Daily Archives: Feb. 16, 2009

House Speaker Mike O’Neal responds

Here is a response from House Speaker Rep. Mike O’Neal, R-Hutchinson, after he and Senate President Stephen Morris, R-Hugoton, rejected a proposal by the governor that the state borrow $225 million from itself to temporarily pay bills.

Republicans argue the move would be illegal until the Gov. Kathleen Sebelius, a Democrat, signs a budget bill that would cut $325.6 million from the current budget. The governor has not yet received the measure.

The disagreement means the state might not have money to cover state employee pay checks and Medicaid payments to providers such as hospitals and doctors which are scheduled to come out Friday.

Income tax returns could also be delayed. So far the state owes about $12 million in returns.

Here is the response:

“While we all can agree that these are trying times for Kansas families, seniors, and business owners the Kansas House of Representatives respectfully disagrees with breaking the law in order to gain political capital.

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Democratic Legislative leaders respond to money impass

Here is the response from legislative Democratic leaders on the State Finance Council after Republican leaders declined to let the state borrow money from itself to pay its bills Monday.

House Democratic Leader Paul Davis, D-Lawrence:

“The State Finance Council has issued at least one certificate of indebtedness in each of the last 10 years. It is a necessary cash management tool, especially at this point in the fiscal year.

“The argument that it is illegal for the State Finance Council to issue a certificate of indebtedness before Governor Sebelius considers Senate Bill 23 is simply false. These kind of political games are highly irresponsible when over 40,000 state employees are counting on receiving their paychecks later this week. Read More »

Gov. Sebelius’ response to the GOP

Here is Gov. Kathleen Sebelius’ response to news that Republican legislative leaders rejected her proposal that the state borrow $225 million from itself to temporarily pay bills.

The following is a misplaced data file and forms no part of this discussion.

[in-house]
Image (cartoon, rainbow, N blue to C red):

Republicans argue the move would be illegal until the governor signs a budget bill that would cut $325.6 million from the current budget. The governor, a Democrat, has not yet received the measure.

The disagreement means the state might not have money to cover state employee pay checks and Medicaid payments to providers such as hospitals and doctors which are scheduled to come out Friday.

Income tax returns could also be delayed. So far the state owes about $12 million in returns.

“This is a difficult time for Kansas families, seniors, workers and business owners who are dealing each day with the economic challenges presented by this historic recession.

“Last week, I called a meeting of the State Finance Council to consider the issuance of a certificate of indebtedness – a routine action dealing with state cash flow, that allows us to move money from one account to another so we can pay our bills on time. The use of these certificates has been approved every year for the last decade.

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Kansas Organization of State Employees’ reaction to a possible delay in pay for state workers

Here is Kansas Organization of State Employees’ response to news that Republican legislative leaders rejected a proposal by the Gov. Kathleen Sebelius, a Democrat, that the state borrow $225 million from itself to temporarily pay bills.

The disagreement means the state might not have the $24 million to cover state employee pay checks scheduled to come out Friday.

TOPEKA – Today, House Speaker Mike O’Neal and Senate President Steve Morris announced that the state Finance Council would not take up a measure to address the state’s severe cash shortage until Governor Sebelius signed the deficit-reduction bill. As has been done in the past when the state has faced a similar cash shortage, the Governor had intended to request authority to borrow $225 million in order to issue payroll and income tax returns.

Without the loan, the state has halted the payment of tax returns and state employees may have to wait for pay day. “Once again, state employees are being used by the Legislature to balance the budget,” said Lisa Ochs, KOSE President.

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